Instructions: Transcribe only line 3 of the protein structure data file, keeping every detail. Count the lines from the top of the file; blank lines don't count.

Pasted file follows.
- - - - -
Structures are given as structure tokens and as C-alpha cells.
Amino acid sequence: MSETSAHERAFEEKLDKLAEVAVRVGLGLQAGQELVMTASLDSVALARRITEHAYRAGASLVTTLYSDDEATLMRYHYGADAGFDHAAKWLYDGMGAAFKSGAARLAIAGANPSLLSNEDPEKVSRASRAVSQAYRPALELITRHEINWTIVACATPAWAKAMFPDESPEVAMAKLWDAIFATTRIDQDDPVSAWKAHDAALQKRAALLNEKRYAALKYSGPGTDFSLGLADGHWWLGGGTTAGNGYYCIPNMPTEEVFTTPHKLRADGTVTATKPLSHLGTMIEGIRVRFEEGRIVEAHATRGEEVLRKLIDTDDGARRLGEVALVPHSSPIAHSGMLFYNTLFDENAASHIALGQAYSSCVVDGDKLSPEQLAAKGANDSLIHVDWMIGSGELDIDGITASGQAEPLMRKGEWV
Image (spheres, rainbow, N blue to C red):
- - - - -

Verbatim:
Image (spheres, rainbow, N blue to C red):